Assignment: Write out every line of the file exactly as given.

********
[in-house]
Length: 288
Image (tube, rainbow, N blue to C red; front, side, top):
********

[in-house]
Length: 288
Image (tube, rainbow, N blue to C red; front, side, top):